Montreal International Documentary Festival

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RIDM 20 Nov. - 01 Dec. 2024

Interview - Anne Koizumi

Interview with Anne Koizumi, filmmaker of In the Shadow of the Pines, presented in the section Seeking Communities, available from November 12-18

How did you come to feel the need to explore through filmmaking your childhood and your relationship to your father?

For me, as a child, it was difficult to process my feelings of shame. I wanted to belong, I didn’t want people to think that I was different, and I really didn’t want my friends to know the school janitor was my dad! But as an adult you understand the complexity of your parent’s experiences and how choices are not based on whether your child is going to feel shame but out of necessity. I didn’t really dig deep into these feelings of shame until my father passed away in 2012. I was longing to make connections with him that I was never able to when he was alive. How do I tell him I’m sorry or that I can now see everything he did for us? If I was trying to do something by making this film, it was trying to connect with him even after his death.

Your film deals with very intimate and sensitive topics. What was difficult for you in the process?

Yeah, I have considered making my personal narratives the subject of my work, but I was really afraid to pursue and uncover the stories that for many years I tried to hide. There were many difficult aspects to making the film, first and foremost I was dealing with my grief and loss and second, I had to confront my own shame and guilt. I cried so much making this film… I would be making a set or a prop and I would just start crying. Forcing yourself to face difficult emotions and memories is never easy and it takes time. In my case, it took over three years. I can talk about the film without crying now but every now and then when I’m in a space where I’m allowed to be vulnerable, I can feel tears welling up in my eyes.

Can you tell us about your animation work in that film and the creative process and thinking behind it?

I’ve described my creative ethos as "DIY". I studied filmmaking but at schools that didn’t have an animation program, so I taught myself the basics of animation through a book that was published by the Aardman studios. The process of creating with my hands, finding my own solutions and trying things on my own is important to me as a filmmaker, probably more important than having a super fluid and smooth animation style. I also like being resourceful and figuring out what I can do with what I have, this is something I learned from my father. As for the animation in this film, I’ve been making short independent stop-motion animations for fifteen years so I naturally thought to work in this medium but the form of stop-motion made perfect sense in that I was exploring childhood and often when we think of childhood, we associate it with plasticine, puppets, miniatures, and tactile forms such as paper cut-outs.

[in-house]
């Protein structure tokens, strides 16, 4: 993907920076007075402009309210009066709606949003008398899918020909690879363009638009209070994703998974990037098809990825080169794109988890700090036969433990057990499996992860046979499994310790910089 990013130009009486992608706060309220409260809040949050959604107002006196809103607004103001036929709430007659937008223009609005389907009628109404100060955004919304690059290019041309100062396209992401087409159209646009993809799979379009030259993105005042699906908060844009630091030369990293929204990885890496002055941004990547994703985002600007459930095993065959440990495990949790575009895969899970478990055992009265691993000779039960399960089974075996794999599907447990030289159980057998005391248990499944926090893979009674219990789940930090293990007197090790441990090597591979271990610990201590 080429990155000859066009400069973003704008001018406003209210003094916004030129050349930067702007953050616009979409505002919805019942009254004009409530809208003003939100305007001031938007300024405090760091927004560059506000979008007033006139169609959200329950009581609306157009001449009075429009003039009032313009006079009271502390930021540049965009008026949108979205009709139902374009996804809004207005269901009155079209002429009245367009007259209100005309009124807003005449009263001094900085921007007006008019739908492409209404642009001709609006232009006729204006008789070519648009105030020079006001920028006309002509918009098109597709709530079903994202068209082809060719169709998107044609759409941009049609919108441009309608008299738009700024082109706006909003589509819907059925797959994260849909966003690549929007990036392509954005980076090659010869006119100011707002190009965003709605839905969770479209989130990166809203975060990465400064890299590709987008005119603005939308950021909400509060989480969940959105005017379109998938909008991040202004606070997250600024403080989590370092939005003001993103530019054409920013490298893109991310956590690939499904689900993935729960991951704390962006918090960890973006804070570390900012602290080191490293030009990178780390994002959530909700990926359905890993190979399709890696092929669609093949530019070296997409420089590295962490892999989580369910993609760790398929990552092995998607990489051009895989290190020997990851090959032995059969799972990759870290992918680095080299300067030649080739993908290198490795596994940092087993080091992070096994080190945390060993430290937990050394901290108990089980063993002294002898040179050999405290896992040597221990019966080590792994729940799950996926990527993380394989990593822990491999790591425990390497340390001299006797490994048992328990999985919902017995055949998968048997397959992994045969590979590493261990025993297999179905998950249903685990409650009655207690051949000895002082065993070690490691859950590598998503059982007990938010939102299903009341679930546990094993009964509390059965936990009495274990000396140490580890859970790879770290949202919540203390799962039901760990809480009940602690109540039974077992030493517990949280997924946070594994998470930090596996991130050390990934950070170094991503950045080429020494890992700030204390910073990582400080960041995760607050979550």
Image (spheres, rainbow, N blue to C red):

At one moment, through a tv, we see clips from interviews with people who knew your father. When did you do those interviews, were they part of your method to approach your memories ? Did you have the chance to learn more about your father and this past?

I wanted to approach the project as a documentary and I knew that I had lots of research to do. The interviews you see in the film were the first thing I did when I started the research, now almost four years ago. I started with my family members in Calgary, Alberta and then travelled to Japan to speak to my father’s brothers, extended family members and friends. I visited the orphanage where my father was raised, which still exists as an orphanage in Kumamoto, Japan. My father never spoke about his childhood or of his life in Japan so it was through these interviews that I learned about him and was able to construct his story for the film.

What did making this film bring to you in the end? In what way that work helped you to reflect on your history and feelings?

It’s a strange feeling to share a story with the world that I’ve been trying to hide for so long. My parents gave me a Japanese middle name, Mayuko, when I was born - that’s my legal middle name. The characters that they chose were 真由子, the first character means ‘truth’, the second character comes from the word ‘freedom’ (自由) and the last character means child. My mother told me she chose the characters from the expression; the truth will set you free. Making this film for me was about revealing and telling my truth and that act has allowed me to reclaim my father’s story and my own story. And without sounding overly cliché, there is a huge freedom in that.


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